The use of negative and positive space within photo composition aids in directing where you want the viewer’s eye to go.
Hop on over to Amy’s The World is a Book to journey through her images of positive and negative space.
a photo study of rhythm created with bricks…
hop on over to Ben’s photo challenge: Out of This World
it’s a crooked path
to the New Year’s shelf
in their fading,
this moment soon to follow —
shadows on the snow
Nighttime in the forest is not like nighttime in the city or on a farm. At night, the sacred forest declares its absolute authority. The curtain of darkness is thick and secretive. …I heard many eerie cries coming from the forest. By eight o’clock it was already night, and the forest’s dominance was restored. The whole universe sank into a profound silence that, at the same time, vibrated with life. I could almost hear the majestic steps of the mountain god as he leaped between the towering trees.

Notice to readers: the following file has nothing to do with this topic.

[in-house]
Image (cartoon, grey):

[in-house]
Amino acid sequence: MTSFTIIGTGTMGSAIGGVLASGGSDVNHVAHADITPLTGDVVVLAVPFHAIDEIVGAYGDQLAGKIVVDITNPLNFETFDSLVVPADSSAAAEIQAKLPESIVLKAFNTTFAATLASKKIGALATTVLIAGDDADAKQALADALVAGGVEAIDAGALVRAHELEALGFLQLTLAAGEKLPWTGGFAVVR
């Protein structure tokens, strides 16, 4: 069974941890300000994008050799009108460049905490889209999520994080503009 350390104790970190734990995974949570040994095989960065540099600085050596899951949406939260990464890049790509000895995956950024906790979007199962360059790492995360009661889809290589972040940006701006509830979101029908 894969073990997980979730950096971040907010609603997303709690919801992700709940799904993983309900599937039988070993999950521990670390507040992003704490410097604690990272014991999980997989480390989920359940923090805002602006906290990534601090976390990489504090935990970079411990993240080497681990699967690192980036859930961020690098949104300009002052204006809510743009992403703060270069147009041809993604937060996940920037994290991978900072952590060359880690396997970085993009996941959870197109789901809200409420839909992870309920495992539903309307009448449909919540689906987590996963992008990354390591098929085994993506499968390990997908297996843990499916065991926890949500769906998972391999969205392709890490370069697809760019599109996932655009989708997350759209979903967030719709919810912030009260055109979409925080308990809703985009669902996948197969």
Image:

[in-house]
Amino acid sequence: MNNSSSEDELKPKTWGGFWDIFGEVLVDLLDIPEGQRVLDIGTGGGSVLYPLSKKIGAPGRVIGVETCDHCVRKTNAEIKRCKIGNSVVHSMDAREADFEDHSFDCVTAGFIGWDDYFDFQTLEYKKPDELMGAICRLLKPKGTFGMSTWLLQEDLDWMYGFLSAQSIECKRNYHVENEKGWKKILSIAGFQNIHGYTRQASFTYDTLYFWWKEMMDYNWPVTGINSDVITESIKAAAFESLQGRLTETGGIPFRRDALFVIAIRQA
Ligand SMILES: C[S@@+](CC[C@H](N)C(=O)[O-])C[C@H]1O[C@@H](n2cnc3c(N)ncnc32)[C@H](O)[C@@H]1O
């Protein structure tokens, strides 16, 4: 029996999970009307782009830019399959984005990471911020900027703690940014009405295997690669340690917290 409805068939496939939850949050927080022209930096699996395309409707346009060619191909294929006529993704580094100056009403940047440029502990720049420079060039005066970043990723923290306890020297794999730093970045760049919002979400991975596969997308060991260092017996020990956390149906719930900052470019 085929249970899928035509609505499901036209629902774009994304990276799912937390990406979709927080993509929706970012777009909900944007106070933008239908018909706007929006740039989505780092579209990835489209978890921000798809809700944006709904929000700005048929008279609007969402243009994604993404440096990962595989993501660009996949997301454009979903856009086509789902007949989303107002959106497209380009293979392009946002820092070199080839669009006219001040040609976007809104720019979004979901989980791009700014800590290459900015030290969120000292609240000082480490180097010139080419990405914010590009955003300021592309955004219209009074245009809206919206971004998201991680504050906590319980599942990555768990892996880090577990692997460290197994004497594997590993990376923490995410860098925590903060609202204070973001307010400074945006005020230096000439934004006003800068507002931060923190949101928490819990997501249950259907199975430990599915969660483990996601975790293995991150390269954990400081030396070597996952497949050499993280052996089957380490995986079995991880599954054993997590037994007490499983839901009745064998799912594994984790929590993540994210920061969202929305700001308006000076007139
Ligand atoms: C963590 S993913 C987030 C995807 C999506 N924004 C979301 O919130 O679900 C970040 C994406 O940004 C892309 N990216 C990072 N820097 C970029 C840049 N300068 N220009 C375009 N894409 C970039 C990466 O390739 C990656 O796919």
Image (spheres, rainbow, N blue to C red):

On full moon nights, none of us could sleep. One time, I was up late writing… When the moon and forest were together they created a profoundly marvelous and mysterious atmosphere, unlike any we had experienced before. The silence was total, yet, we could hear moon and forest speaking to each other. They were no longer two, but had become one. If you took away the moon, the forest would cease to be. If you took away the forest, the moon would not be. We wouldn’t be standing by the moonlit window if moon and forest ceased to be.
~Thich Nhat Hanh (Fragrant Palm Leaves, pg. 22)
One of the interesting things about photography is the fact that it’s record of ourselves and our works so often do not correspond to our mental image… Generally we assume that the difference between our expectation and the camera’s evidence is the result of some kind of photographic aberration.
~Henri Cartier Bresson